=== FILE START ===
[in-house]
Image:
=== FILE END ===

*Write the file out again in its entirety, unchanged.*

[in-house]
Image: